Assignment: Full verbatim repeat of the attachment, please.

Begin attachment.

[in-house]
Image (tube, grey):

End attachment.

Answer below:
[in-house]
Image (tube, grey):